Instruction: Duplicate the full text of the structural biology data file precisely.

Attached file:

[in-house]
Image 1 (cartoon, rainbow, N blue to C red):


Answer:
[in-house]
Image 1 (cartoon, rainbow, N blue to C red):